What is the maximum speed of the piston and the maximum force acting on the piston?

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Homework Statement:
The motion of a piston in an auto engine is simple harmonic. If the piston travels back and forth over a distance of 10 cm, and the piston has a mass of 1.5 kg, what is the maximum speed of the piston and the maximum force acting on the piston when the engine is running at 4200 rpm?

Ansewer: 22 m/s, 14,500 N
Relevant Equations:
KEi + Ui = KEf + Uf
1/2 m (rw)^2 = 1/2 m( vf)2
rw =V = 0.05* ( 4200*2π /60 )= 22

1/2 mv^2 = 1/2 kx^2
1.5 * 22^2 = k * 0.05^2
k = 2.9 *10^5
F = kx = 2.9 *10^5 * 0.05 = 14,500
--------------------- (For the above calculation, I got the correct answer.)

I wonder whether we can use the method below to obtain force, which also leads me close to the correct answer?
a = rw^2 = 0.05* ( 4200*2π /60 )^2 = 9662.408
F = m* a = 1.5 * 9662.408 = 14,494
 

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  • #2
haruspex
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Homework Statement:: The motion of a piston in an auto engine is simple harmonic. If the piston travels back and forth over a distance of 10 cm, and the piston has a mass of 1.5 kg, what is the maximum speed of the piston and the maximum force acting on the piston when the engine is running at 4200 rpm?

Ansewer: 22 m/s, 14,500 N
Relevant Equations:: KEi + Ui = KEf + Uf

1/2 m (rw)^2 = 1/2 m( vf)2
rw =V = 0.05* ( 4200*2π /60 )= 22

1/2 mv^2 = 1/2 kx^2
1.5 * 22^2 = k * 0.05^2
k = 2.9 *10^5
F = kx = 2.9 *10^5 * 0.05 = 14,500
--------------------- (For the above calculation, I got the correct answer.)

I wonder whether we can use the method below to obtain force, which also leads me close to the correct answer?
a = rw^2 = 0.05* ( 4200*2π /60 )^2 = 9662.408
F = m* a = 1.5 * 9662.408 = 14,494
Yes, it is a valid method if supported by the right argument. But you have not provided any reasoning, so it is not clear whether it was just a lucky guess.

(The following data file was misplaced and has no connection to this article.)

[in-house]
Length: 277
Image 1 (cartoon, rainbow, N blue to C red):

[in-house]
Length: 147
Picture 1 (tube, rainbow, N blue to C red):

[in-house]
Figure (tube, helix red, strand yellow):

I believe the only reason you got a slightly different answer is that in the first method you rounded the speed to 22m/s. If yiu had kept more digits you would have got more like the second result.

Btw, it is not actually SHM. The connecting rod follows the hypotenuse, which changes the algebra a bit.
 
  • #3
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Yes, it is a valid method if supported by the right argument. But you have not provided any reasoning, so it is not clear whether it was just a lucky guess.

I believe the only reason you got a slightly different answer is that in the first method you rounded the speed to 22m/s. If yiu had kept more digits you would have got more like the second result.

Btw, it is not actually SHM. The connecting rod follows the hypotenuse, which changes the algebra a bit.
Thanks for your prompt response.
I think the question specifies that it is a simple harmonic motion in the beginning. If so, then both ways of calculating the force would be right?
 
  • #4
haruspex
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Thanks for your prompt response.
I think the question specifies that it is a simple harmonic motion in the beginning. If so, then both ways of calculating the force would be right?
Yes, I understand that the question tells you to treat it as SHM. Anyway, The questions asked relate to the extremes of motion, at which points it most closely approximates SHM. I was just pointing out that you should not be led to believing that the motion of a car piston really is SHM.

As I noted, whether your second method is valid depends on your reasoning for arriving at that equation. You have not provided that.
 
  • #5
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Yes, I understand that the question tells you to treat it as SHM. Anyway, The questions asked relate to the extremes of motion, at which points it most closely approximates SHM. I was just pointing out that you should not be led to believing that the motion of a car piston really is SHM.

As I noted, whether your second method is valid depends on your reasoning for arriving at that equation. You have not provided that.
My reasoning for that alternative way for calculating the force is: